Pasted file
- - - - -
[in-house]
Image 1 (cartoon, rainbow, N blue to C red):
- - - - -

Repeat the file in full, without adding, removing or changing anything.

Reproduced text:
[in-house]
Image 1 (cartoon, rainbow, N blue to C red):